collimator (MLC), portal vision (PV) dosimetry and IGRT capabilities. “We looked at multiple vendors and their equipment could have provided us with other alternatives, but it was important to us to make a sound, cost-effective decision that would allow us to not only replace an older accelerator but to enter the IGRT, SRS/SRT and gating markets,” McGraner noted. “The Trilogy allowed us to meet those objectives, while also beam-matching the Trilogy with our other accelerators. The acquisition of the Trilogy provided us greater flexibility with existing equipment.”
In fact, BCCC ROC maintains a favorable longstanding relationship with Varian Medical Systems that includes linear accelerators, HDR brachytherapy, prostate brachytherapy seed planting, simulators, radiotherapy planning and EMR software. It uses GE Healthcare for computed tomography (CT) and positron emission tomography (PET/CT) imaging; C.R. Bard for radioactive material for the ProSeed prostate brachytherapy implant technique; B-K Medical for ultrasound; PAR Scientific A/S for block cutters; Scanditronix Wellhofer for physics calibration equipment; and CIVCO Medical Solutions for immobilization devices and treatment supplies.
But McGraner’s team doesn’t operate in a vacuum at the Baptist system. For example, the radiation oncology team participated in the evaluation of PET/CT scanners alongside the diagnostic radiology department. “We work well with the MRI, CT and PET/CT teams when our physicians order diagnostic tests, as the imaging will later be used for treatment planning purposes,” she said. “Our medical physicists and technical team work to ensure accurate positioning, scanning geometry.”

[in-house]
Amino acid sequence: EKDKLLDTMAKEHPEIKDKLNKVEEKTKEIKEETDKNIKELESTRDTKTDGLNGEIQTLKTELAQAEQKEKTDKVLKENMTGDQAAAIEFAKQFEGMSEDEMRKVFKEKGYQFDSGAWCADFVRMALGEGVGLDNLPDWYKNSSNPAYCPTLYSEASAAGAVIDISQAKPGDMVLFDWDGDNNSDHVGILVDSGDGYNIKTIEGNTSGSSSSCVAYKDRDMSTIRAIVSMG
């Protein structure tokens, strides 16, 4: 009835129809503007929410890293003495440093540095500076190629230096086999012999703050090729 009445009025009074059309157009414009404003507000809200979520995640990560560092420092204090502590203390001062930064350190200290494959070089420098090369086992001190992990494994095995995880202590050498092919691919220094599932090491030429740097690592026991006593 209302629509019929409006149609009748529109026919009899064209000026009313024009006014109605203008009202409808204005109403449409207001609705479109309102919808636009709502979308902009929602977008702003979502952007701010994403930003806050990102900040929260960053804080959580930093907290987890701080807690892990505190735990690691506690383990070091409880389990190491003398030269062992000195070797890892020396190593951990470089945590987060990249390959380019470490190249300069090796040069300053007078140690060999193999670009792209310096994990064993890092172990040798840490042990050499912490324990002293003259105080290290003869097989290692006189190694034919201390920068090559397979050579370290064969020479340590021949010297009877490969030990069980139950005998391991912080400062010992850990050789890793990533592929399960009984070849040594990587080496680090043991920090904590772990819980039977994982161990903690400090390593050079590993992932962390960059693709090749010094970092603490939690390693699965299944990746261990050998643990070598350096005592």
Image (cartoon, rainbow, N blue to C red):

Another hospital within the Baptist organization plans to install a Trilogy and duplicate the integrated environment used by BCCC ROC. “As an organization we understand the difficulty in recruiting highly skilled/knowledge workers, such as medical physicists and dosimetrists,” McGraner noted. “We hope that with integration of equipment across our system that remote dosimetry will now be an option/solution for future staffing challenges and for patients moving across our system.” In addition, the Baptist system can generate considerable savings on capital and service/support contracts, as well as maintain the integrity and security of sensitive patient data as it’s transmitted throughout the organization when patients transfer between system healthcare facilities.